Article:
DOWNTOWN MERRIAM REVITALIZATION
The City of Merriam, Kansas retained Landplan Engineering to work with the City and the Downtown Merriam Partnership to begin implementation of a downtown revitalization plan. The one and one-half mile project corridor along Merriam Drive from Shawnee Mission Parkway to Antioch Road includes Historic Downtown Merriam.
Many of the sidewalks in the Historic Downtown District are narrow, leaving limited pedestrian access to storefronts. Landplan was responsible for determining a street configuration that would provide improved pedestrian access, improved traffic flow and safety on Merriam Drive, and widened sidewalks for streetscape beautification and improving the geometrics of the Johnson Drive intersection. Utility conflicts had a significant impact on the ultimate design of the streetscape.
An important project component was the development of unifying elements for the entire corridor. To achieve this, Landplan developed unique entry monument signs and a streetscape plan composed of decorative paving, landscape features, street trees, and repeated pillar features, all drawn from the successful Merriam Marketplace aesthetics. Also, an architectural facade design guideline document was created in collaboration with our architectural sub-consultant.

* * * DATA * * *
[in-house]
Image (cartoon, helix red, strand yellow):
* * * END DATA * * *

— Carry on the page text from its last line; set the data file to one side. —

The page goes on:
The image of city is directly impacted by the view down its main street. The image and viability of a community can be defined by its streetscape network. Streetscape design is often a key component to redevelopment efforts. The streetscape sets the aesthetics of sidewalks, building entrances, parking, lighting, planting, street furnishings and signage.
Creating a unique/distinctive community is Landplan’s goal. Our multi-disciplined approach and management process allow us to understand and meet a community’s needs to develop an image for a new community or re-establish that of an older community, while being sensitive to history and addressing business owner and resident concerns, safety, potential vehicular and pedestrian conflicts, infrastructure constraints, and cost efficiency.